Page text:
This means that even if someone happens to have your WordPress password, even if you have a weak password, you are the only person who can login to that backend.

And finally, one thing that every blog owner should do that enables comments on their blog, is to use what is called the Akismet anti-spam plugin. What this does is checks any new comments coming to your blog for spam. And if you don’t have a plugin like this, your blog will at some point be flooded with thousands and thousands of spam comments flooding your site with all kinds of nasty links and garbage. Install this Akismet anti-spam plugin or turn off comments entirely and that will help your blog from being spammed to death.

Those are some very simple tips to help secure your WordPress blog. Use strong passwords, secure your email, block the WP-Admin IP addresses except for yours in C-Panel, and use the Akismet anti-spam plugin.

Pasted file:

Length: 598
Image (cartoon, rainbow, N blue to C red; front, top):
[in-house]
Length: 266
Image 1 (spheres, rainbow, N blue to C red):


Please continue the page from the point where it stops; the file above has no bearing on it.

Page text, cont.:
How To Update Your WordPress Blog In One Click Even If The Upgrade Fails.

Something that everyone should do who has a WordPress blog is keep it completely up to date. Keeping your WordPress blog up to date ensures all plugins will continue working, you will have access to the latest features and most importantly that your blog is now safe from hackers and intruders.

Most people don’t know how to update their WordPress installation, but luckily it’s very easy. You can use the auto-upgrade feature in the dashboard, and if that doesn’t work, upload all files manually, and if that doesn’t work use one simple technique to fix any problem plugins.

The first thing you should do when going to update WordPress is go to your dashboard, and on the top left corner should be an area that says updates. All you have to do is go to that updates area and click on one button and this will automatically download the latest version of WordPress, unpack it, and install it where your blog is.